The clinical and epidemiological features of encephalitis in California from June 1998 through December 2000 were studied at the Viral and Rickettsial Disease Laboratory, Richmond, CA, and CDC, Atlanta, GA. A core battery of tests, including PCR, serology, and virus isolation, for 13 potential causes of encephalitis was performed on CSF, and on acute- and convalescent-phase serum specimens from 334 enrolled patients who met the case definition of encephalitis. CSF showed an elevated WBC (median 61 cells/mm3; range 6-5300/mm3) in 228; elevated protein level (median 83 mg/dL; range 45-881 mg/dL) in 187; and a glucose level of <40 mg/dL (median 36; range 21-39 mg/dL) in 15 cases. Respiratory symptoms occurred in 133 patients (49%) and gastrointestinal symptoms in 145 (43%). A confirmed or probable infectious cause for the encephalitis was identified in 53; these were viral in 31 (9%), bacterial in 9 (3%), and parasitic in 2 cases (1%). A possible infectious cause was identified in an additional 41 (12%) patients. A noninfectious etiology was diagnosed in 32 cases (10%), and a nonencephalitis infection in 11 (3%). The etiology of 208 cases (62%) was unexplained. The most frequently identified viral agent was HSV-1 (11 patients); the remainder included enterovirus in 5 patients, Epstein-Barr virus (EBV) in 4, varicella zoster virus (VZV) in 3, human herpesvirus 6 (HHV-6) in 1, measles causing subacute sclerosing panencephalitis in 2, hepatitis C in 2, rotavirus in 2, and rabies in 1. No acute arbovirus infection was detected.
The 31 patients with confirmed or probable viral encephalitis ranged in age from 7 months to 81 years; 16 (50%) were children. Fever occurred in 25 (81%), gastrointestinal symptoms in 13 (42%), respiratory symptoms in 10 (32%), and seizures occurred in 9 (29%) patients. Sixteen (52%) were admitted to the ICU. Two-thirds (64%) of the HSV-1 encephalitis cases were adults, all having temporal lobe involvement. Three of the 4 with EBV infection and 4 of the 5 with enterovirus infection were children, and only 1 was admitted to the ICU. Bacterial causes for encephalitis (3% of cases) were Bartonella species in 7 (5 in children ages 4 to 16 years, and 6 with a history of exposure to cats), and Mycoplasma pneumoniae in 2 cases, ages 4 and 38 years. A parasitic cause was identified in 2, both having Baylisascaris procyonis infection, their ages 11 months and 17 years, and both showing peripheral blood eosinophilia and a history of raccoon exposure and dirt ingestion. 
COMMENT. Despite comprehensive testing, the etiology of more than two-thirds of cases of encephalitis encountered in the state of California in a 2 year period (1998-2000) is undetermined. In those with a confirmed or probable infectious cause, a viral etiology is identified in 60%, bacterial in 17%, and parasitic in 4% of cases. Herpesviruses and enteroviruses are the most frequently identified agents. Arthropod-borne arbo viruses, and specifically California encephalitis, was not encountered. Children are affected in 50% of viral encephalitis cases, and in the majority of bacterial and parasitic cases.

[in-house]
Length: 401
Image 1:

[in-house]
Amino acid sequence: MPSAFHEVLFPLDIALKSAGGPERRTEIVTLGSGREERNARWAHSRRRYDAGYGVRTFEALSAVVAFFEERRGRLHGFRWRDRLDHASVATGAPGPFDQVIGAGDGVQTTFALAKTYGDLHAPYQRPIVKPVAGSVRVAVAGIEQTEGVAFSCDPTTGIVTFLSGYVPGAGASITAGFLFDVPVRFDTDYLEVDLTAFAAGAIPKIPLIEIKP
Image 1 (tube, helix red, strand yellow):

Among 50 patients admitted to the Hospital for Sick Children, Toronto, because of an encephalitis-like illness, 1994-1995, a confirmed or probable infectious etiology is identified in 20 (40%) . This group of childhood cases has a much higher proportion of confirmed etiologies than the California study that involves all ages (50% children). A bacterial cause (Mycoplasma pneumoniae) is identified in 11 cases and herpes simplex virus in only 4. Whereas viral pathogens are more prevalent than bacterial agents in the California study (60% cf 17%), bacterial causes are identified in more than 50% of the Toronto cases. Seizures occur in 29% of California cases compared to 78% of the Toronto childhood patients.
In Finland a population-based study  of acute encephalitis in 95 children, 1973-1987, identifies only viral causes, and varicella is the most prevalent (25%); herpes simplex occurs in 7%, mumps in 8%, and measles in 4%. No cases of encephalitis caused by mumps, measles or rubella occur after 1982, when MMR vaccination is introduced. Another epidemiologic, multicenter, prospective study in Finland  in the period 1993-1994 finds a change in the spectrum of encephalitis etiologies following vaccination programs. Varicella zoster, respiratory and enteroviruses occur in 61%, and herpes simplex, Epstein-Barr, adenovirus and rota viruses comprise 5% each. New causes are identified, especially Chlamydia pneumoniae and HHV-6. These reports emphasize the importance and value of new methods of identifying the etiologic agents for acute encephalitis, and the prompt introduction of antiviral, antibacterial or antiparasitic therapies when indicated. The prevalence of varicella as the cause of encephalitis in the Finland experience supports the AAP recommendation of varicella immunization at age 12 months. The AAP Red Book should include reference to Baylisascaris procyonis, warning of the risk of Raccoon roundworm eosinophilic encephalitis in young children with pica and geophagia. At least 12 cases of severe or fatal BP encephalitis are reported in the US since 1981 (MMWR, Jan 4, 2002;50:1153).